She and Judy Upham were married May 30, 2015, at St. Peter’s Episcopal Church in Lewes, Delaware. She had a lovely singing voice and St. Martin’s was blessed to have her as a choir member as well as a priest, preacher, and teacher. Fly fishing was her sport, but teaching was her not-so-secret love, especially the teaching of church history. She wrote a blog, Stone of Witness, and her last blog entry was Friday, February 5. It was about church history, but in it, Gough summed up her observations about the diocese to which she had returned:
“Today I am more convinced here in Fort Worth that we are beginning to see a Church for the future… a Church that will look to living the life of Jesus daily, momentarily. We have the possibility to think outside of what has always been so that our Christianity may speak more of what Jesus called us to do. It will be the honesty that comes from asking the hard questions. But more importantly it is a Christianity that call us out of what we have always done in order to love others…even the ones who find fault with us. I do not fear what others fear. Jesus has always taught how much I am loved just as I am and calls me to love others the way they have found Jesus loving them. When we get to that kind of Christianity, when others know the love of God, the world will be changed.”
This is how she described herself on her blog: “I am an unabashedly liberal Episcopal priest from a time when being a liberal was a “good” thing. If I am knee-jerk about anything it is about seeing that justice is done by those of us who call ourselves Christians or who are about serving Christ in the Church.”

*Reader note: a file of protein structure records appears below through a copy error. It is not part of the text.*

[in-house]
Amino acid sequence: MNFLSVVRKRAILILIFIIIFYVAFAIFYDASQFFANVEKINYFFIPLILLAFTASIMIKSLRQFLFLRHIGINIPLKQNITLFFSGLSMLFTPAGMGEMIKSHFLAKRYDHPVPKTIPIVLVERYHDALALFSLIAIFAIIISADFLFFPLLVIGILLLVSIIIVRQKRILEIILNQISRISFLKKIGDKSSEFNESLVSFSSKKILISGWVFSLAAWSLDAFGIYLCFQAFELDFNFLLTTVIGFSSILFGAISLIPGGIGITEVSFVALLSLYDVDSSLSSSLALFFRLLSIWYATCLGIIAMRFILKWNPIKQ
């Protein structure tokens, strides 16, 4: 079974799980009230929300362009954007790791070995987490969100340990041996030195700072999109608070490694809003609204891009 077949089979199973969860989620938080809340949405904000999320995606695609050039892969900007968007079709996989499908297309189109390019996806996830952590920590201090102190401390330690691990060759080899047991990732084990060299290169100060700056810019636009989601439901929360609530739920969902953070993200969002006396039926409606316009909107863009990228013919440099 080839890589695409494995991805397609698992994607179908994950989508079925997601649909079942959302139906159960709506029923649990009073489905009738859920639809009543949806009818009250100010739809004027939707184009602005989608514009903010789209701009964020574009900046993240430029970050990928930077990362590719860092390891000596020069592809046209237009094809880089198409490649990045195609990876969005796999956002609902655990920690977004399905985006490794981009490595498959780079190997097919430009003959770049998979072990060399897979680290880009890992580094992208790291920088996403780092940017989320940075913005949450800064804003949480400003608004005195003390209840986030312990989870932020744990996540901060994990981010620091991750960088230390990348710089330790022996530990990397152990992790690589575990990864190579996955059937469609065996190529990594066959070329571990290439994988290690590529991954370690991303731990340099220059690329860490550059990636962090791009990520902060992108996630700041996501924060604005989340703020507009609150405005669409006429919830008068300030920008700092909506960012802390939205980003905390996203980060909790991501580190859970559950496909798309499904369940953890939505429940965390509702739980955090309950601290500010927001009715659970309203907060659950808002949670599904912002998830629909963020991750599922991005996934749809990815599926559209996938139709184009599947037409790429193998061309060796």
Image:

The Rev. Kevin Johnson, priest in charge at St. Alban’s, Theatre Arlington, said, “Lauren was involved in campus ministry at the University of Texas at Arlington and she was really good at it. She had the ability to connect with that age group both as a mentor and as a friend. And she was a person of resolute character who stood up for what was right. For a lot of people at St. Alban’s who had stood up for what was right in this diocese before the split — and lost their building — that was very important. She could authentically walk with them in showing it is OK to make the difficult choice to do the right thing.”
Ms. Susan Kleinwechter of St. Martin’s said, “From living through the upheavals of the civil rights movement and entering ministry when it was still a “man’s world,” Lauren had a passionate sense of social justice. Her divinity degrees and master’s degree in religious education weren’t what came out first in the Bible study and confirmation classes she taught at St. Martin-in-the-Fields – it was her passionate, evangelical call to tell others about Jesus Christ.”
The Rev. Scot McComas, rector of St. Martin’s, reflected, “Lauren was brilliant; I loved sitting in her classes and listening to her share Christ’s love with all, especially as she taught church history and theology. Lauren was a prophet and she paved the way for many people in the church and beyond to come to know and feel that Christ loves all, no exceptions. Since 1970, St. Martin-in-the-Fields has been a church of inclusivity and radical hospitality. We continue Lauren’s legacy and honor her gifts of ministry here.”